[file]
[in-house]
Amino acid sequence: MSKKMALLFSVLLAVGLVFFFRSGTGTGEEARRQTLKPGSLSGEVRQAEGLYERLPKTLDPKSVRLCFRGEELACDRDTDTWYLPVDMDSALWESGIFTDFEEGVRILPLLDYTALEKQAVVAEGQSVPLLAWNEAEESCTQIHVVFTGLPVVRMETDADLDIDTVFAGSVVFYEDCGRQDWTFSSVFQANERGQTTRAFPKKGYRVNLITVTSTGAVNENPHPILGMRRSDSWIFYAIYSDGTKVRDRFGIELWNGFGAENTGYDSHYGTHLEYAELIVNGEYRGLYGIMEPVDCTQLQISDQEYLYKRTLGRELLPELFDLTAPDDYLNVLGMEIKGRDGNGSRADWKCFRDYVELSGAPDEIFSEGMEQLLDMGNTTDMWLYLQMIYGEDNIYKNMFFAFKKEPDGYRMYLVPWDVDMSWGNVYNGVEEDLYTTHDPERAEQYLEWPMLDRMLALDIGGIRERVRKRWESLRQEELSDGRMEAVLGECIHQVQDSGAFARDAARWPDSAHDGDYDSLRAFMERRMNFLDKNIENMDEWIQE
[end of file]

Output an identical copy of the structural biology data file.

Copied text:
[in-house]
Amino acid sequence: MSKKMALLFSVLLAVGLVFFFRSGTGTGEEARRQTLKPGSLSGEVRQAEGLYERLPKTLDPKSVRLCFRGEELACDRDTDTWYLPVDMDSALWESGIFTDFEEGVRILPLLDYTALEKQAVVAEGQSVPLLAWNEAEESCTQIHVVFTGLPVVRMETDADLDIDTVFAGSVVFYEDCGRQDWTFSSVFQANERGQTTRAFPKKGYRVNLITVTSTGAVNENPHPILGMRRSDSWIFYAIYSDGTKVRDRFGIELWNGFGAENTGYDSHYGTHLEYAELIVNGEYRGLYGIMEPVDCTQLQISDQEYLYKRTLGRELLPELFDLTAPDDYLNVLGMEIKGRDGNGSRADWKCFRDYVELSGAPDEIFSEGMEQLLDMGNTTDMWLYLQMIYGEDNIYKNMFFAFKKEPDGYRMYLVPWDVDMSWGNVYNGVEEDLYTTHDPERAEQYLEWPMLDRMLALDIGGIRERVRKRWESLRQEELSDGRMEAVLGECIHQVQDSGAFARDAARWPDSAHDGDYDSLRAFMERRMNFLDKNIENMDEWIQE